I’ve been working on a project preparing archival recordings for broadcast. This is part of the Resound project, a collaboration between Radio NZ Concert and SOUNZ which aims to make Radio NZ Concert’s New Zealand Composers Archive available—selected works are being broadcast in Sound Lounge between now and the end of the year, and most of the archive is available online, as media on demand at the SOUNZ website. I don’t think there’s a direct entrance there—the audio files are embedded on each individual piece’s page—although a search for ‘Resound’ produces a lot of results…
From the point of view of remastering, the pieces for broadcast generally fall into two categories. There are older works, which have uneven audio levels, and tape hiss, and sometimes tape degradation—some of these need significant amounts of work. The more recent recordings generally only need level adjustments—many of them are mastered as if for CD, using the full dynamic range—what I’m aiming for are files that can be dropped into a compiled programme without any further treatment, so the levels need to be inside a range that won’t freak out the transmitters.
Most of the time, this is straightforward—it’s the same balancing act we do in making feature programmes, dealing with the technical limits, while not doing too much damage to the music. But for a few pieces this balance is problematic. It’s most obvious in electroacoustic music—in an instrumental piece there’s a perceptual separation between the recording and the music, whereas in electroacoustic music those two things are (usually) much more closely intertwined. So there’s a stronger sense that, in changing things like the balance and the dynamic range, there’s a risk of making musical changes—a risk of going beyond making the piece come across more clearly on radio, into altering the work itself.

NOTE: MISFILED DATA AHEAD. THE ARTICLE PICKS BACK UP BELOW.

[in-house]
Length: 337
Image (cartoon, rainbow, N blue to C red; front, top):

Of course there are also instrumental pieces that veer into this territory, especially those that use very quiet sounds. Music that’s very quiet all the time is particularly difficult on the radio.
But the example that really raised these questions was a piece of my own—Mists and Voices, from 1999.
The piece was designed to be presented in a room full of speakers. On the radio, its dynamic range is problematic. The loud stuff is easy enough to control; the real problem is that a lot of the piece sits near the threshold of audibility. So the difficulty is as much aesthetic as technical—simply turning up the quiet bits changes the music. In particular, if the dynamic range is narrowed too far, the distinctions between foreground and background are removed. There’s a lot of detail in the quietest parts, but if it’s raised to the point where it’s clearly audible, then it assumes an importance it wasn’t meant to have, and changes the balance of the various materials that make up the piece. But the original master couldn’t play on air—on most people’s radios, it would be mostly silent, and that’s not the piece either.
As far as I can remember (1999 was a while ago now), I intended for the quietest parts to be ambiguous—for the listener to be uncertain whether the sounds were in the music or in the room. So it’s already risky in the concert hall; the question here is how to replicate that in a way that will work within the technical constraints of a radio broadcast. At the time I made it, I had one kind of presentation in mind, and there’s one version of the piece that’s made for that context. Now, however, I’m coming to the view that there can be multiple versions for different listening conditions, and I’m still working out whether different contexts need different mixes. (Of course, it depends on the piece—this particular piece seems to be especially sensitive to these questions.)
The version above is closer to the original than the broadcast version, but the dynamics are tweaked a little, so it should be audible on computer speakers. I’ll find out whether the radio version works when it’s broadcast on 16 October.